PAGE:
The trailers for Breaking In (2018) didn’t exactly make the film look exciting, but they did hint at some action. Instead, the film follows around a weak premise that- in hindsight – is fairly pointless, never gets any real explanation, and unfolds with almost nothing exciting ever happening. Are people in danger…maybe? The criminals bicker more about what they’re willing to do in order to get what they’re after more than anything else.
Breaking In has too many missteps and not enough action
Shaun (Gabrielle Union) and her kids, Jasmine (Ajiona Alexus) and Glover (Seth Carr), are returning to her childhood home to prepare it for sale after the passing of her estranged father. It’s not long after settling in that they discover they’re not alone. A group of men is in the heavily secured house, and they are looking for a safe that they believe to be containing a lot of money. Shaun escapes their captures, but her kids aren’t as lucky. Now, she has to risk her life to save theirs.
Gabrielle Union seems checked out in this film, and it’s hard to blame her. The criminal is generic, with Richard Cabral acting like he is in a B Horror film. He gives some terrible line reads with dialogue that was already weakly written. There is a point where one of the criminals tells Shaun for the third or fourth time that she’s an impressive lady or something like that, and she responds with the theme of the film; I’m a mom. Yeah, we get it, Movie. Moms can summon incredible strength or skill in order to save their children. However, we don’t really see her do much of anything in this movie.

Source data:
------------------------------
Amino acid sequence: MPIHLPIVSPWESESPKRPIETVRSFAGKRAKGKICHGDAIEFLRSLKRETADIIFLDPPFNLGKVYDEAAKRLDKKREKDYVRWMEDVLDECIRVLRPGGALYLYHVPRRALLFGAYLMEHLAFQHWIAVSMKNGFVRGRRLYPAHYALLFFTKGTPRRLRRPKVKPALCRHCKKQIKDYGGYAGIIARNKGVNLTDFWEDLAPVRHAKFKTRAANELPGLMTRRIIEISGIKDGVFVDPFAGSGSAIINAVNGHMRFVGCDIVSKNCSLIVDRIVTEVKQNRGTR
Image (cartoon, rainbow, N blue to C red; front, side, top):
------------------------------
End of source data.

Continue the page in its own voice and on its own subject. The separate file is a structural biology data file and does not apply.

In fact, so much of the film is full of her doing things that don’t pan out or make sense at all. She manages to get to her kids at one point, and then decides to leave them in the house to hatch what she thinks is a sure-fire escape plan…only for it to blow up in her face in a scene that the marketing department for this film spoiled in the trailers anyways! A film set to be a thriller really doesn’t do much to build the suspense. The most stressful scene is when Duncan (Richard Cabral) walks into the room where the kids are being kept at a point when we know the sister has temporarily escaped. The tension of the “will she make it back in time” stress is relieved by a toilet flush. If only they’d dropped this draft of the script in there and tried again.
The movie opens with Shaun’s father, a fact we are left to assume for the rest of the film, going for a jog. He is struck by a car, flips over it, and lands, struggling to breathe. The driver walks out, his face obscured, and eventually stomps on the old man’s face. The presentation presents a mystery that hopefully will be solved. The tension between Shaun and her father may be revealed or resolved possibly as a result. Then there is that comment she makes when seeing her dad’s security system about him being paranoid – all the setup pointing towards a mystery. Eventually, we are literally told who killed the grandfather, and that it was for no particular reason, and nothing ever comes to be resolved in any way that could be considered satisfying.
There wasn’t a lot of hope that this film would be amazing, but instead, it was pretty bad. Not the worst film by any means, as Union is still charismatic and the child actors do a solid job. There isn’t much in the film, and yet, you see a lot of the wasted potential. Breaking In earns the Not a Total Waste of Time rating, and is not one I’ll be planning on sitting through again.